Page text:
A glass case holding razors, combs and other sundries is decorated with car racing stickers, radio station stickers and so on. Big rig truck posters decorate the walls. The whole scene feels very nostalgic. There are many rural Japanese places like this – at least there were, once – two ladies cooking up a storm for a loyal following of itinerant regulars in a small kitchen, dark with decades of old grease.
Big Dog has huevos con machaca and I order huevos rancheros for a change. The flour tortillas come nicely toasted and the coffee is good. I can see why this place is so popular with these drivers.
Stuffed, we hit the road again, driving through the cirios-cordon-ocotillo landscape. There are palo verde and elephant trees, cholla cacti, flowering yuccas, datilillos… So much more variety than Baja California Sur. Back through Boulder Land and past the turnoff to Bahia de Los Angeles and a once-operating Pemex which is now another “ruin.”
A sign tells you that the next gas is not for another 220 kilometers. A kilometer later, another sign tells you it is 219 km ahead.
“You’d think there’d be a sign at the last Pemex warning you about all of this,” Big Dog laughs.
Near the dry lake Chapala we see a big rig coming down the dirt road from the east. That must be our road.
“I want to get there in time to talk to the driver,” Big Dog speeds along. He gets to the dirt road just as the big rig approaches the highway.
“De donde viene?” he asks.
“Mexicali,” says the truck driver. He tells Big Dog that, yeah, you can make it in that vehicle, so off we go, into another unknown.
First, the road is straight, heading towards the hills. It’s a dirt road but not too bad. As we enter the hills, we ask another approaching car about the road ahead.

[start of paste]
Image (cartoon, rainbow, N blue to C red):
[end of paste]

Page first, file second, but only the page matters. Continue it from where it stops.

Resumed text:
“It gets a lot worse than this, but just take it slow,” says the driver.
It does. There are bigger rocks to go over, tight twists… but there are also workers everywhere. They are building bridges to go over the arroyos of the Arrastra as well as making the base for the paved road. There is a workers’ camp out here with camp housing and a staffed kitchen.
An SUV overtakes us but we overtake it up ahead – it’s stopped and getting tires changed.
I never do see much obsidian but there are plenty of sharp-edged rocks. The road is rocky and bouncy and Sprockets gets tossed right and left. However, it is not terribly dusty unless someone passes by. The worst bit seems to be before Coco’s Corner, the junction to either San Felipe or Calamajue. There are shops selling sodas and beers (natch!) After that, the road is mostly level washboard, with a softer sand dirt road running parallel to it. Big Dog chooses the sand over the washboard wherever he can. And then…..